JEFFERSON COUNTY, AR – The Christmas weekend of 2015 is one that many residents in Arkansas will never forget. The holiday began with up to 10 inches of rain on December 24 and Christmas Day was drenched. The downpour finally came to an end on December 26, but not before causing widespread destruction.
Jefferson County was among the hardest hit areas. Hundreds of homes were inundated, roads were washed out and farmlands submerged.
According to the U.S. Geological Survey, it was the most extensive and severe flooding event to strike the state since 1990.
John and Kathy Erwin live along the Arkansas River, and were prepared. They had elevated their home above the Base Flood Elevation (BFE) as local code required elevating the property at least a foot above the BFE. While other homes in the neighborhood flooded, their home remained dry.
“Now I wish I had gone up another foot,” said John Erwin.
The 5,000-square-foot cedar log home is located approximately 50 feet from the Arkansas River. The house is elevated on a continuous wall using 8’’x16” inch cinderblocks. The Erwins finished construction in 2000. “It took me three years to complete the work,” he said.
This flood is a second within a year for the couple. “The river reached 45.96 feet during the spring flooding event of 2015 and 46.96 feet during the Christmas flood,” said Mr. Erwin. This very precise information comes from the hydraulic gauge the couple uses to keep them informed about river conditions. The system is a public service of the National Oceanic and Atmospheric Administration.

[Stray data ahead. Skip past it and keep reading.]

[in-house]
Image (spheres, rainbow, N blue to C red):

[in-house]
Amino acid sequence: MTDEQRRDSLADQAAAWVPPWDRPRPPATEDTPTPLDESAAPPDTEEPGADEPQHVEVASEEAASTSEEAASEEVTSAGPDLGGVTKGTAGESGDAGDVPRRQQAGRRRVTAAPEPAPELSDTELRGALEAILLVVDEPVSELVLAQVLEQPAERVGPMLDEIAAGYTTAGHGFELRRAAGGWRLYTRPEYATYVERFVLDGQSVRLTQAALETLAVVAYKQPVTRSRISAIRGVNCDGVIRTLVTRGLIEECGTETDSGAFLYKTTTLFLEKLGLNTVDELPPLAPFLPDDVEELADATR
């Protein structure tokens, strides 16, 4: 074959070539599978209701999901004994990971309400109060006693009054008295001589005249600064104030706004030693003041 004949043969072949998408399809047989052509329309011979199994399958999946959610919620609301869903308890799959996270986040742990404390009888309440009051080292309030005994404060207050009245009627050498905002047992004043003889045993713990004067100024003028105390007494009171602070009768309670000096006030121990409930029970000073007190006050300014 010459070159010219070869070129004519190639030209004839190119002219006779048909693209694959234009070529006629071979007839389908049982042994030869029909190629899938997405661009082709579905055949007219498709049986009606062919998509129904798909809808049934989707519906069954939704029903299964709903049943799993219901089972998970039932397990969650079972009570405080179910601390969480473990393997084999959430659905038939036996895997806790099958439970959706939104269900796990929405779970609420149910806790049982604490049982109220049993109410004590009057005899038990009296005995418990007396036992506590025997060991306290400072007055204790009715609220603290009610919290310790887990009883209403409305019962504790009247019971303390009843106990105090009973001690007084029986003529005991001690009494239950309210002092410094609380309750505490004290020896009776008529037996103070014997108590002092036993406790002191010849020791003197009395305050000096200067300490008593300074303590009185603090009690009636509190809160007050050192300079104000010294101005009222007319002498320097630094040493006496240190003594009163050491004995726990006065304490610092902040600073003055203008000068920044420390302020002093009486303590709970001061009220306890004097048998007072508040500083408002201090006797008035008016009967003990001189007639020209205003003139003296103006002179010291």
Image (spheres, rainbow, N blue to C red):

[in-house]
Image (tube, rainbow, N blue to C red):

Watching the torrential rain on Christmas Day, Kathy Erwin read the gauge to discover a flood was eminent. The Erwins’ adult children and other holiday guests cut their celebrations short. All pitched in and began to move items from the garage to higher ground. Then, they evacuated.
When it was over, they could not immediately return home because the road was washed out. When they did return, the Erwins found mud and debris everywhere. The yard was destroyed and the cleanup “was a chore,” but the house remained unscathed, they said.
Additionally, the couple protects their home by participating in the Group Flood Insurance Program, issued by the National Flood Insurance Program. Details are available at http://www.floodsmart.gov
FEMA offers a number of free online resources for home and property owners. To get started, go to: www.fema.gov/ safer-stronger-protected-homes-communities or http://www.fema.gov/arkansas-disaster-mitigation.